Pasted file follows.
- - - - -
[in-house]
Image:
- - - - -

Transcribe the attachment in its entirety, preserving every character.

[in-house]
Image: